In 2008, Panasonic and Olympus developed a new standard, Micro Four Thirds, often abbreviated to Micro 4/3. The sensor size and aspect ratio is the same, but the standard was designed for mirrorless bodies. This allowed the two companies to shrink the bodies even more, but did change the distance from the inner lens surface to the sensor (the flange distance) from the original Four Thirds standard. Micro 4/3 cameras can still use older Four Thirds lenses, but an adapter is needed to extend the length from rear element to the sensor.

    The Best Portable Bluetooth Speaker Today

    After looking at almost every option around, I decided to use the Logitech UE Mini Boom to play music around my house and outside. It’s compact, has a long battery life, works as a speakerphone and delivers exceptional sound for under $100.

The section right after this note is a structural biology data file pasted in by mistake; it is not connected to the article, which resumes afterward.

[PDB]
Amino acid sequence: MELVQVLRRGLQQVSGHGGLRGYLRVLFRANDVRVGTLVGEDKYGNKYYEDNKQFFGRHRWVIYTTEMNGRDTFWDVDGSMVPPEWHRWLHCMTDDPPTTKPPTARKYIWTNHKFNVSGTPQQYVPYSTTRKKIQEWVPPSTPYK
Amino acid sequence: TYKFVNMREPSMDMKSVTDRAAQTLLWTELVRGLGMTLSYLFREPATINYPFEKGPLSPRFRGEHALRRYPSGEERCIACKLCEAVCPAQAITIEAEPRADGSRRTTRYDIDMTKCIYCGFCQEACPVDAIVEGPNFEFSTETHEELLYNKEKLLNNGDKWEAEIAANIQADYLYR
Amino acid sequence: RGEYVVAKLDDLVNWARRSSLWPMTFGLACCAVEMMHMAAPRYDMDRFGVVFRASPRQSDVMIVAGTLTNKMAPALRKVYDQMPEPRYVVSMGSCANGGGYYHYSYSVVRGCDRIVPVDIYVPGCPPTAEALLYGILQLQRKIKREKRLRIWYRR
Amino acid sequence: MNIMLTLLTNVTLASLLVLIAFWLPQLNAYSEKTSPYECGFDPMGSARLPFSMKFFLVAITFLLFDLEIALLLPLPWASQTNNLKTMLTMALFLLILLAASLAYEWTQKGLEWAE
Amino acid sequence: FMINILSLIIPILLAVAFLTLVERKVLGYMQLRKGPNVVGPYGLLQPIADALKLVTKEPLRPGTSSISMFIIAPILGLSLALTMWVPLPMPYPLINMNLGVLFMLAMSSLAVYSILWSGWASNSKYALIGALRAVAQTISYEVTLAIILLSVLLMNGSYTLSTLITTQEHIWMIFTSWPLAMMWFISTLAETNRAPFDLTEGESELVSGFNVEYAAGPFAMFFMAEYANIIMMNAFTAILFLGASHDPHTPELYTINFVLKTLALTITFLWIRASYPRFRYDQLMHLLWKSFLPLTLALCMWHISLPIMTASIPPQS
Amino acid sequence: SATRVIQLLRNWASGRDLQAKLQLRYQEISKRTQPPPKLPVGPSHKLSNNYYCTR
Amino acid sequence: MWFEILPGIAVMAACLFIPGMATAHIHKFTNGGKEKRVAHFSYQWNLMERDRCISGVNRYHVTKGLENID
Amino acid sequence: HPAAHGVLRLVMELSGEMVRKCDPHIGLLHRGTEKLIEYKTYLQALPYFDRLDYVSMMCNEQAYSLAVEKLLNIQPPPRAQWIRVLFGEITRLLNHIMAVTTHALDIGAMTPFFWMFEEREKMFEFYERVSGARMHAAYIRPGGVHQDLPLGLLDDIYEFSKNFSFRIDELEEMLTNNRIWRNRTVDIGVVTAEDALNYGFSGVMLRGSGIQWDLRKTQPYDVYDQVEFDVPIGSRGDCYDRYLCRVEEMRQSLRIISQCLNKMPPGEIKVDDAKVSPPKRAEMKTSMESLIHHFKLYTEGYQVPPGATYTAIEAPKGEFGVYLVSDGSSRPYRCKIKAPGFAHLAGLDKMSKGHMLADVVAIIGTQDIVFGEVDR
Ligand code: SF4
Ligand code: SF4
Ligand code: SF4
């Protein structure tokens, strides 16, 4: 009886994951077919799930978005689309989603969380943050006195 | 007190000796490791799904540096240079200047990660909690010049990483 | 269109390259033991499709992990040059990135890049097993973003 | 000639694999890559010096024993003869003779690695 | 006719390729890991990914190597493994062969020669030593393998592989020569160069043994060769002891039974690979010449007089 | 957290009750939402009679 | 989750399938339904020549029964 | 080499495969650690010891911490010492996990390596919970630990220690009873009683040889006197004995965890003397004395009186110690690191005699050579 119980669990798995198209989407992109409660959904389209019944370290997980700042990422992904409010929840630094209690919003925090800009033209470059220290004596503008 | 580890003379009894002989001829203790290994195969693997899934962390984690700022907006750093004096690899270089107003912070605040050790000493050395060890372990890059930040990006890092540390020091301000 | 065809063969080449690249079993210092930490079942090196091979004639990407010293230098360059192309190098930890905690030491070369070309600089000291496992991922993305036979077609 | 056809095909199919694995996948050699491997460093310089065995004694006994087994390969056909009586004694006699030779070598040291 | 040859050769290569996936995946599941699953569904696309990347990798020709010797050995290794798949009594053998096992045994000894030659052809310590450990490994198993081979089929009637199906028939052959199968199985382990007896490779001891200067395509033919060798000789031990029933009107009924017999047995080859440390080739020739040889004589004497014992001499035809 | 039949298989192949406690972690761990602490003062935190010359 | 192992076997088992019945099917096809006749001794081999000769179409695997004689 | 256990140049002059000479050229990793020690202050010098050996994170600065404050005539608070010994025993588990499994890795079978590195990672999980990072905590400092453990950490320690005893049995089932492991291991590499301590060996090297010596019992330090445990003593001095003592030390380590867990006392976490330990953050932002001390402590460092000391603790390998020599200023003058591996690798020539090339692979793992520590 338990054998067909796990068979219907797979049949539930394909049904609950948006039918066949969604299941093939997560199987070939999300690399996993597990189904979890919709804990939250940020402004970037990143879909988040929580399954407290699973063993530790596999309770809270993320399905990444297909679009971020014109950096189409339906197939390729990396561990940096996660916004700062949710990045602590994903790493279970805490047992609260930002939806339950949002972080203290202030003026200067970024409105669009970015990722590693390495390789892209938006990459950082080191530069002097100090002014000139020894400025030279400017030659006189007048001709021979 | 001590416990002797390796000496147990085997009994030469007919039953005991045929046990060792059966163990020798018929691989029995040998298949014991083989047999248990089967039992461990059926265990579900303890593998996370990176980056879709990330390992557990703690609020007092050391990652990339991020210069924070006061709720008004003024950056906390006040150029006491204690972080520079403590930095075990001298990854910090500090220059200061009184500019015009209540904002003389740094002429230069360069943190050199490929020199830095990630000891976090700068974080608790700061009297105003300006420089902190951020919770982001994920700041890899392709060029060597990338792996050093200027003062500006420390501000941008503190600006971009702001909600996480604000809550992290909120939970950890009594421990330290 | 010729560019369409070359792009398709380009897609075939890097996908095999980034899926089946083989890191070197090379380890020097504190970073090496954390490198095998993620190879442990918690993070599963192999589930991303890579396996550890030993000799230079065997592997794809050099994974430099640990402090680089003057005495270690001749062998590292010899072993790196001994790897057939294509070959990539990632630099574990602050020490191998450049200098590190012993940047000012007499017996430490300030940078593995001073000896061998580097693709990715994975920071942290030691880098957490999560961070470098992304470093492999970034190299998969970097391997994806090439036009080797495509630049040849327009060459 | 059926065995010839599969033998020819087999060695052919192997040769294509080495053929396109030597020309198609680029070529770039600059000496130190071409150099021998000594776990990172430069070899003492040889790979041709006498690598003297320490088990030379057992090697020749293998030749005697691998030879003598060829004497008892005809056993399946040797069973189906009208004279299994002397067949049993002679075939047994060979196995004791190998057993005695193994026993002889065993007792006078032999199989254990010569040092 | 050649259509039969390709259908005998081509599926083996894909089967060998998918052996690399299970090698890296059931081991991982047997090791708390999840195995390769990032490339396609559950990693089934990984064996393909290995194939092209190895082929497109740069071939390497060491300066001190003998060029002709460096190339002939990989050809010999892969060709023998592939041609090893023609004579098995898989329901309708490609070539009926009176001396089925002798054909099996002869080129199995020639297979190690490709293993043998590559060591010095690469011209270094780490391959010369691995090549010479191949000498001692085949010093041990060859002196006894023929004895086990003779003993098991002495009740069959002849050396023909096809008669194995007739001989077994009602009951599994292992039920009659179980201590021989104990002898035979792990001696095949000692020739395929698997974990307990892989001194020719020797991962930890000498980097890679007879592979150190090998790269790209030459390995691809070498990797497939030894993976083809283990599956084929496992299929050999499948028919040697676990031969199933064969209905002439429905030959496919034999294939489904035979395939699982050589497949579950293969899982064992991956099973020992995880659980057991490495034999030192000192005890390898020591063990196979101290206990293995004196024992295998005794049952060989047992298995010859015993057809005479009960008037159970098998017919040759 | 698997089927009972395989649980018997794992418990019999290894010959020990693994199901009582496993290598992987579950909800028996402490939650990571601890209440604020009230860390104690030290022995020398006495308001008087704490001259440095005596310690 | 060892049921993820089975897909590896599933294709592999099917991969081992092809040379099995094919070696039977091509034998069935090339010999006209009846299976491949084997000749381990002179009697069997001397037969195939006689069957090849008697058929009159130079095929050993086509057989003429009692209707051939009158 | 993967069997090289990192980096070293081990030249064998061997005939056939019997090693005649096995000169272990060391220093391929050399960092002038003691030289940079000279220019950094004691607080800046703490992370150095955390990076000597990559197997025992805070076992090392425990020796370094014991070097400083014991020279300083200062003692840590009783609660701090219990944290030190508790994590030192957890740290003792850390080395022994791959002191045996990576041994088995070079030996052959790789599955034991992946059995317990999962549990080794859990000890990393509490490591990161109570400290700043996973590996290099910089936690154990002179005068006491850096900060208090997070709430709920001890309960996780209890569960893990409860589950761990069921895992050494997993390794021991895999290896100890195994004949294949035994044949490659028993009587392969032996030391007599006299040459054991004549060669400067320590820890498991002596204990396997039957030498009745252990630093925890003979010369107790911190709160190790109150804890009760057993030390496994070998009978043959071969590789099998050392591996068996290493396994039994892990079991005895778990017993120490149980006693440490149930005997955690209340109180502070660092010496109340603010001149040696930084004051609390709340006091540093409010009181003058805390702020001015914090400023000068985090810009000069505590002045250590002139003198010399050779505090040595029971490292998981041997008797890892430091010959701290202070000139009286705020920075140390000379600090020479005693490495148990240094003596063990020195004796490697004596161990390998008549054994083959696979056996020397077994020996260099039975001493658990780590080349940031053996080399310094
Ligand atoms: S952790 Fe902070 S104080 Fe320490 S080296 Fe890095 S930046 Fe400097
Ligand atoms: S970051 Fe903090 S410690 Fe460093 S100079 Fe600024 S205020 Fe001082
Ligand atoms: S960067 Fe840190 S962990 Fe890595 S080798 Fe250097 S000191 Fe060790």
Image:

Why a Bluetooth Portable Speaker?

    If you’re going to be sharing your music on the go…you’ll want something that sounds better than your phone’s screechy speakerphone.

    If you’re going to be sharing your music on the go with other people, you’ll want something that sounds better than your phone’s screechy speakerphone. The dock-based speaker is dead, especially since Apple replaced the 30-pin with the Lightning connection on the iPhone 5. Wired speakers are also becoming harder to find. Basically, wireless is your only option. But devices that use Sonos or Airplay are prohibitively expensive for most people whereas Bluetooth comes baked into virtually every modern tablet, phone, and computer. Unlike other wireless standards, Bluetooth is not platform-specific. It’s also easy to pair and is a hard connection to inadvertently break. Basically, it’s everything you need from a wireless streaming protocol. Unfortunately, it may lack some of the features you want.